“Everything I do is based in my personal experience, but I prefer viewing it through allegories,” Maegan Houang says of her general filmmaking ethos. “But hey, you’re talking to someone who’s watched The Godfather hundreds of times.” Houang watched that film and The Godfather Part II “every single day” growing up, but ultimately “only thought of film as an innocuous pastime.” So, when choosing a major at Wesleyan, Houang gravitated toward hard sciences and only considered studying film at her mother’s suggestion.
Houang graduated in 2010 with degrees in Mathematical Economics and Film, then immediately enrolled in Wesleyan’s Film Studies MA (specializing in Johnnie To’s filmography). The program revealed a huge disparity between her classmates’ resources versus her own. “I was watching their parents give them $30,000 to make a short,” she recalls. “I’m not from nothing—my parents are academics—but they could never do that.” Instead, she read Ramit Sethi’s I Will Teach You To Be Rich, saving $10,000 during the two-year graduate program to fund her move to Los Angeles.
“I became obsessed with getting as much experience as I could to become a better filmmaker,” she says, “so, I decided to make music videos.” Houang’s first video, for Chastity Belt’s 2013 song “Black Sail,” showcases her early affinity for genre via a group of pioneers who slowly become zombified. Houang knew the band’s drummer from high school and offered to fund the shoot if she received creative liberty: “That was my way of making a piece of work that was a calling card, and it did better than anyone expected.” To survive in between shoots, she worked as an assistant, eventually becoming the writer’s and showrunner’s assistant—simultaneously—on the Starz show Counterpart: “I was a naive, eager millennial who was like, ‘I’ll do twice as much work!’”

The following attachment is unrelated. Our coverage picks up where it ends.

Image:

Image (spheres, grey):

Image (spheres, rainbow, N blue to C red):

She eventually joined We Direct Music Videos—a collective spearheaded by Daniel Kwan advocating for better working conditions—and started cold-pitching artists she admired via email. After listening to her 2014 album Bury Me At Makeout Creek, Houang’s white whale became Mitski. (“If she existed while I was a teenager, she would have saved my life.”) After directing a trippy, nail salon-set video for Skylar Spence’s “I Can’t Be Your Superman,” her dream manifested. Given creative control and $3,000, she directed the video for “Happy” from Mitski’s 2016 album Puberty 2, which involves a 1950s-inspired Asian housewife whose white husband possesses a heinous secret. The video was a success, but Houang still had trouble securing representation, as a result of which she “fell into a slump because I’m not sure how an indie video could have done better.” Even so, a long-standing collaboration between Mitski and Houang flourished. She’s subsequently directed innovative, genre-inspired videos for Vagabon, Charly Bliss and Hana Vu.
The “slump” ended ended when Houang received the VSCO Voices grant, allowing her to helm her first narrative short, In Full Bloom, released in 2019. The surreal 11-minute film stars Kieu Chinh as a hoarding widow who receives havoc-wreaking magical worms in the mail. Around the same time, she began writing a script for Panos Cosmatos (based on a story by both) after screenwriter Aaron Stewart-Ahn—who she befriended after he shared her Mitski video online—recommended her. Houang finished penning Nekrokosm, the director’s follow-up to Mandy, earlier this year. Bought by A24, casting on the project will continue after the SAG-AFTRA strike. Says Houang, “I love Panos and working with him. Our movie is absolutely batshit.” Houang was also developing a series with A24 that will continue after the strike, though specific details remain under wraps.
Her latest short, Astonishing Little Feet, was financed by Glenn Kaino’s RTM Incubator Project. Originally conceived as a VR exhibit, the 9-minute film depicts the insidious injustice faced by Afong Moy—the first known Chinese woman to arrive stateside in the 1800s—as she’s put on display for wealthy elites. It was important for Houang to have Cantonese dialogue in the film: “It’s the language of my family, and it’s awful to watch it slowly disappear.” This familial dedication became even more vital when her mother—and first filmmaking advocate—was diagnosed with Stage IV cancer on the last day of filming. Houang currently lives between Michigan and LA while her mother is in hospice.—Natalia Keogan/Image: Christopher Good